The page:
Comment on "Liquid-Liquid Phase Transition in Supercooled Yttria-Alumina"

G. N. Greaves*, M. C. Wilding, L. Hennet, D. Langstaff, F. Kargl, C. J. Benmore, J. K. R. Weber

*Corresponding author for this work

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We welcome efforts made by Barnes et al to study liquid-liquid transitions (LLT) in supercooled Y2O3x-Al2O3(100-x) or AYx melts reported in a recent Letter [1]. The first order LLT in AY20, which we have identified in situ under equilibrium conditions [2,3] has a well-defined temperature TLL at ambient pressure and a critical point at negative pressure. The LLT is also composition dependent, rising as x falls [3,4]. We identified this at 1788K from (1) a peak in the small angle X-ray scattering (SAXS) intensity, (2) a discontinuity in the structure factor S(Q), and (3) a polyamorphic rotor caused by periodic LLTs (Figure 1A) the flipping time and associated temperature spikes yielding the LLT density and entropy discontinuities in agreement with ex situ experiments [4]. Barnes et al used similar experiments but could not reproduce (1) or (2) in AY20 at 1788K and attributed (3) to 60K instabilities sometimes encountered during sample conditioning [1]. We consider their null results for AY20 are due to (A) large neutron beam sizes in small angle neutron scattering (SANS), and (B) doubts in AYx composition. Moreover comparison with our work [2] is obscured in [1] by reliance on apparent temperatures uncorrected for emissivity [5] and by inconsistent molar normalisation leading to flaws in modelling LLTs from our data [3]. (A) In their SANS measurements [1] the mm radius droplet was overspilled by a 2mm radius 4.5 beam. Because of the spherical liquid surface this results in total external reflection and cross fire contamination up to at least 2x0.013=0.026 1. Sub mm focussed SAXS has none of these disadvantages [3] which is why it is sensitive to the rise and fall in scatter that occurs below 0.03 [2] at the LLT (Figure 1). Importantly polyamorphic rotor action was recorded by L. Hennet during the SANS experiments with periodic 150K spikes centred at 1940K (Figure 1B). Polyamorphic rotors have large repetitive spikes thermally distinct from the oscillations illustrated in [1] which sometimes occur when molten drops contain inclusions. (B) The sample preparation method of fusing 85mg drops from weight-matched beads of separate oxides [6] is unreliable without validation of recovered samples. We fused mm radius drops by weighing material from 5g powdered batches following repeated sintering and regrinding. Composition checks post experiment confirm x<mol 1% accuracy. S(Q)s of AYx melts at 2300K are composition sensitive (Figure 1). Measurements at 11-ID-C (APS) [2] and at ID11 (ESRF) [7] are in good agreement, with the positions of the first and second peaks Q1 and Q2, and size of the principal peak S(Q1) all scaling almost linearly with x, except for values fitted from the peak maxima at 2300K from [1] FIG 1. Rather than AY20 these triangulate with the composition. We already investigated AY15 until crystallisation intervened at 1927K [2] close to the rotor temperature shown in Figure 1B. If 1940K marks the LLT for AY15 then, with our observation of 1788K for AY20 [2], these results further demonstrate that for AYx liquids TLL rises as x falls [3,4], and provide scope for future collaboration.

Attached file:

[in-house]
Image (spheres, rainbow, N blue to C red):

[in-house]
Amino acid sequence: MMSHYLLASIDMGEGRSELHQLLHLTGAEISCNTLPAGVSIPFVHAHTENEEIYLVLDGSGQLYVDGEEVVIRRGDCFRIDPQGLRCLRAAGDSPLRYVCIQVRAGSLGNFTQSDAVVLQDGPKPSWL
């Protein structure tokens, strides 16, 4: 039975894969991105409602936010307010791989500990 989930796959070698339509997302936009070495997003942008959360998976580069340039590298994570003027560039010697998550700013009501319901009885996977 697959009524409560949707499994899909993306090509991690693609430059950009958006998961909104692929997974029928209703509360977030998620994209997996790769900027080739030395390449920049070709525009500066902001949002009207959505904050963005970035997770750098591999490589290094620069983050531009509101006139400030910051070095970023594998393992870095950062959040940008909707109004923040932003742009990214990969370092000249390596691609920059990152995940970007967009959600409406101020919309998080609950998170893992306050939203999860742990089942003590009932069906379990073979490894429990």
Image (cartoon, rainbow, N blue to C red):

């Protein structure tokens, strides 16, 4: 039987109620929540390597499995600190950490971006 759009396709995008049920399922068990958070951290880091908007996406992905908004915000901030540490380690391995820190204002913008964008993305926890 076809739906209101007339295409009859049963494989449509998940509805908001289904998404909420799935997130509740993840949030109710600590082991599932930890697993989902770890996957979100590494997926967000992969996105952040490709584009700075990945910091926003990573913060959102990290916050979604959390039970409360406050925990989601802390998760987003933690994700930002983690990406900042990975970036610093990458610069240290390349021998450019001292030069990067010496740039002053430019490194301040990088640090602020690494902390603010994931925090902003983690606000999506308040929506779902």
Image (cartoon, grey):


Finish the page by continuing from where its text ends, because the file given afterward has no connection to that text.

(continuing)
Original languageEnglish
Article number119601
Number of pages1
JournalPhysical Review Letters
Issue number11
Publication statusPublished - 18 Mar 2011


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